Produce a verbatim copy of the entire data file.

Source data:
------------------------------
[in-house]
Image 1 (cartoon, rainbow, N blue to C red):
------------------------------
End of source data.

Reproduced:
[in-house]
Image 1 (cartoon, rainbow, N blue to C red):